I thought I’d stop in for 2 months. Maybe 3 months, TOPS. Then I’d pack my bags and jetset to another exciting location.
Nine months later, I was BARELY able to tear myself away. I had friends and family who I needed to see on the mainland, but now it felt like I was abandoning family on the island!
Kauai had become more than just a quick stop along my travels. This tiny, gorgeous island had become home.
And more than that, it had become an antidote. A cure. To years of big city living.
See, I didn’t even realize it, but living in big, abbreviated cities (LA, SF, NYC) had worn me down. Life felt static. Disconnected. Routine. I was constantly plagued by something’s-missing-but-I’m-not-quite-sure-what. And it was slowly suffocating me.
Kauai was that desperate breath of fresh OXYGEN that I didn’t even know I needed.
That sense of magic, adventure, and deep connection came rushing back into my life. It felt like being in college again. Or summer camp. And I thought those days were long gone.
So, if you’ll indulge me, let me break down why Kauai was exactly what this city-dweller needed…
Small Town Life = COMMUNITY
Most of my twenties were spent in sprawling cities where you couldn’t help but feel like another nameless face amongst millions of others.
Kauai’s the first small town I’ve ever lived in. And holy shit, what a difference!
Anytime you leave the house, whether you’re going to a cafe, the grocery store, or the beach, you’re practically guaranteed to run into a friend. It sounds like a small thing but it really made you feel like you’re part of a cohesive, tight-knit community. I haven’t had these spontaneous, UN-PLANNED run-ins since the university days. And man, I’ve missed them!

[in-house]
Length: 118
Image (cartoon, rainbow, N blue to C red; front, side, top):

And there’s really this sense of one SHARED community. Anytime you meet someone new, you can bet you’ll have at least a few mutual Facebook friends. Everyone’s only one degree of separation away from each other. And that makes every stranger feel more like a friend you haven’t met yet.
Plus, I finally got to achieve a lifelong dream. I’ve lived in a LOT of places and I’ve always wanted to become a “regular” at restaurants, bars, and cafe’s. It never really happened. Until Kauai.
Here, it seriously felt like Cheers. Not only did the baristas and bartenders know my name, they knew my drink, and they got to know me as a friend. Some of my favorite days were spent just hanging out and “talking story” while these guys were on the clock. I felt like family wherever I went. It was everything I dreamed of!
The last time I experienced that shared sense of TRUE community was back at UCLA. And I thought once I “grew up”, I’d never get to experience that again. Thank Jeebus I was wrong!